Merchants on and off hill vie for Tahoe dollars |

Merchants on and off hill vie for Tahoe dollars

Susan Wood
Dan Thrift / Tahoe Daily Tribune / With Samuel, 3, pointing the way to her car, Tina Zahir leaves Kmart along with her daughter Fiza, 9 months. Zahir said she began Christmas shopping a couple months ago, but also bought a few gifts Thursday morning.

The competition for the holiday dollar gets steeper and steeper every year for South Shore retailers.

One need only look at a Carson Valley parking lot filled with California license plates to know where shoppers are going.

And some Nevada retailers have started to quantify the impact of the Tahoe shopper on the prowl.

Don Johnson, manager of the Best Buy that opened in the Carson Valley late last year, calculated about a quarter of his business comes from the lake.

“Tahoe customers are really in the high-end audio video home theaters. It’s the higher end product that fits the lifestyle,” Johnson said.

He theorized that his store does really well when the weather is bad. People tend to think of ways to cocoon when the snow blows them indoors.

Costco Carson City membership manager Lori Kastner estimates 15 to 18 percent of her business comes from the basin.

“On top of that, we get numerous phone calls from the lake. They don’t want to drive all the way down here and find out we don’t have something,” she said.

That’s the reason the community plan for the ‘Y’ is so important, said South Lake Tahoe City Manager Dave Jinkens.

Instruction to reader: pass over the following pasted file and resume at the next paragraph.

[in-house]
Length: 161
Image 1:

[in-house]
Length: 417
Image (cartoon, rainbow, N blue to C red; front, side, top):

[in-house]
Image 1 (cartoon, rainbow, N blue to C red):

“We need to attract new commercial here so that people won’t go out of state,” Jinkins said.

The framework for the west gate area of the city, which is now in its visionary stage, will be a major goal of the economic director the city plans to hire.

Keeping locals in the mountains to shop is also a work in progress for merchants here.

Mark Gandt, who runs Tahoe Sports Ltd. and Tahoe Trading Post, both at the Village Center, said it helps to carry premium brands and have a vast inventory at his fingertips.

Opening a $1,700 gas barbecue as an example, Gandt carries a montage of varied merchandise at Tahoe Trading Post – which is designed to emulate a country store in a rural area.

When he runs out of something, he taps into the Woodland warehouse for the 6,600-store Tru Value network.

“It helps small stores like mine compete. I get deliveries once a week at least,” he said.

He also mentioned the variety in the merchandiser mix as contributing to the success of the Village Center, a $20 million shopping plaza.

A few shops were open on Thanksgiving, including his and Neighbors Bookstore.

At Heavenly Village, all shops were open on Thanksgiving and merchants were eager to help customers get a jump on holiday shopping.

“We get mostly tourists here, so we have to be open at a time like this. We try to get all the business we can,” Gary Angelica co-manager Nicole Saperstin said Thursday.

Few stores were open near the “Y” area.

From high- to low-end merchandise, South Lake Tahoe retailers know they have their work cut out for them and use every advantage possible.

Like Neighbors Bookstore, Blockbuster video relies on the convenience to consumers of buying in their back yard. By the time someone pays $2 less for that CD or DVD in the Carson Valley, they’re likely to spend more in gasoline.

“With our prices, I don’t know how they compete here. But I know a lot of locals don’t want to go down there. I think it’s a convenience thing,” said Jazmyne Suyoan, a Blockbuster worker.

Plus, don’t forget the importance of the impulse buy.

Some consumers come in to rent a video or DVD and end up buying it because they may want to see it again and again, she added.

– Susan Wood can be reached at (530) 542-8009 or via e-mail at

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